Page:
Date: June 5th on Friday, 2020 from 13:40 to 15:10 (14:40 – 16:10 in JST)
Course: Japanese Conversation 4
Used app: Streaming on DingTalk, Presentation by Powerpoint with 63 slides
Numbers of Students: 25 of 28, 3 were recorded as completely absent by the system.
Fully attendant for 90min : 19
Shorter signing-in: 84, 78, 61, and 9 minutes. Two students were recorded as absent by the system, but they sent me the answers of 5-question quiz. It is impossible to know how many minutes they watched the class.
Responses onto the BBS:
– Attendance check by a student his/herself : 25 students input “Shusseki” onto BBS. Two of the 25 was actually recorded as completely absent by the system. However they sent me the answers of 5-question quiz. They are identical to the two mentioned above.
– 1st Quiz: 22 students responded. The quiz was to make the students realize that there are two types of causative sentences in Japanese; one is to allow someone to do something, the other is to force someone to do something.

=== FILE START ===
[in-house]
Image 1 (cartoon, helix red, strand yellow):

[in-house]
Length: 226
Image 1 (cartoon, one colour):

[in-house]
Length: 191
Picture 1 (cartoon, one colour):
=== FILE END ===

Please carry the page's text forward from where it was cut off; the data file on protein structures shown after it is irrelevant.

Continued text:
– 2nd Quiz: 24 students responded. The question was to know what particle should be used in the causative sentence when the causative action was expressed by an intransitive verb.
– 3rd Quiz : 20 students responded. The question was to find one exception from four causative sentences. In three sentences, a higher person makes a lower person do something. In the sentence of exception, a lower person makes a higher person have some kinds of emotion.
– Attendance check at the end: 24 students responded. Students were asked to choose the correct combination of particles that were used in three different types sentences; give-take, passive, and causative. Interestingly enough, two particles are applied to these three types in the same manner.
– Review of passive sentences
– Introduction of concept of causative sentences.
– Exercises of conversations using causative sentences whose actions were expressed by intransitive verbs.
– Self grading of the short text for the section 13 that is about passive sentences.
– Four students were asked to send a mp3 or m4a sound data by speaking the script of conversation of two part time job workers; Park-san and Chin-san that was in Dekiru Nihongo (yellow).
Issues and Problems:
The biggest issue is whether or not my explanations were good for the students to understand the concept of causative sentences in Japanese. I don’t think my explanations were good. For the introduction, I totally relied on the section 13 of Dekiru-Nihongo Yellow, CD track C29.